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The surname, less often forename, and occasional element of place names Talbot is traditionally pronounced in RP with the first syllable like 'tall': 'TALL-bot',IPA: /ˈtɔːl bɒt/. GA prefers to make the first vowel that of 'at' or 'art', IPA: /ˈtæl bɒt or ˈtɑːl bɒt respectively/.

  • The most famous Talbot family is that which gave rise to the Earls of Shrewsbury. The title (its second creation) was bestowed on John Talbot (c. 1387–1453) in 1442 in recognition of the success of his military service in France, where he was known as "the English Achilles" and "the terror of the French". In 1446 he was also created Earl of Waterford, in Ireland; the two titles have descended together.
      • His prowess is celebrated in the first part of Shakespeare's Henry VI trilogy.
    • For an account of the Earls of Shrewsbury that followed him, go to Talbot - Earls of Shrewsbury. Other aristocratic titles borne byTalbots include Baron Talbot (from 1331), Earl Talbot (from 1761), Viscount of Ingestre (title borne by heir apparent to the Earl Talbot, from 1784) Talbot, Baron of Hensol (from 1733), Baron Dynevor (from 1780), Baron Talbot of Malahide (from 1831),
  • Amongst those who have carried the name Talbot among their forenames are members of the English aristocracy, whose frequent marriages within their own circle led to surnames being passed down the generations. For example, the nineteenth century Prime Minister Lord Salisbury was more fully named Robert Arthur Talbot Gascoyne-Cecil (3rd Marquess of Salisbury). Others, like the writer of stories for boys Talbot Baines Reed (1852–1893), may have had no strong connection with the family.
    • Talbot, Catherine (1721–1770), author and scholar
    • William Henry Fox Talbot (1800–1877), a very early photographer and inventor of several photograpnic processes, was a fairly distant connection whose father William Davenport Talbot (1764–1800) died when he was 5 months old. His stepfather Captain (later Rear-Admiral) Charles Feilding (1780–1837) married his mother when the boy was four. "Although referred to as Fox Talbot by some of his contemporaries and many later writers, Talbot strongly disliked this use of the family name, almost always signing Henry F. Talbot or H. F. Talbot" (ODNB, 2021).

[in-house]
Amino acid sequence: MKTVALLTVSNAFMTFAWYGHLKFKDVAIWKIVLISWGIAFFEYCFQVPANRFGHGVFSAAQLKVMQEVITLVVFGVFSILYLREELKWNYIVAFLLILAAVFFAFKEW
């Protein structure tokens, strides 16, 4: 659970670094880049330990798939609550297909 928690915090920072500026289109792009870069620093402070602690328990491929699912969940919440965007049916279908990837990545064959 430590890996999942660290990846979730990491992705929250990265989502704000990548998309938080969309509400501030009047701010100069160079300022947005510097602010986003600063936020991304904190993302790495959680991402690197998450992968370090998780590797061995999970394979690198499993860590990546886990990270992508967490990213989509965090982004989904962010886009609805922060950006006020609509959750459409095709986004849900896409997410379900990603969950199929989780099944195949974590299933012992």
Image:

• Other uses of the name Talbot include:
    • Château Talbot, a claret produced in a vineyard in the St Julien district of Bordeaux, which is said to have been owned in the fifteenth century by John Talbot, first Earl of Shrewsbury.
    • The (now extinct) breed of hunting dog called 'a talbot' is described by OED (2021) as "a large white or light-coloured hound, having long hanging ears, heavy jaws, and great powers of scent". It gave its name to the depiction in heraldry of a white dog, prominent in the arms of the Earls of Shrewsbury, whose family name is Talbot.
    • For a number of motor-cars with Talbot in their name, see the 20th Earl of Shrewsbury.
    • Port Talbot in Wales (near Swansea) is called after Christopher Rice Mansel Talbot, a descendant of the Earls of Shrewsbury. C.R.M.Talbot, of Margam and Penrice, which, with Margam and Aberafan at the mouth of the river Afan, developed various industries in the nineteenth century, was a rich and public-spirited landowner. When the demands of the communities around the Afan outgrew the mediaeval harbour so Talbot, with others, founded modern docks around 1834-1837. To this new development was added the South Wales Railway Company (now the Port Talbot Parkway railway station, on the South Wales Main Line) in 1850. This facility supported the development of the Port Talbot Steelworks, by permitting iron ore and coal imports on a large scale.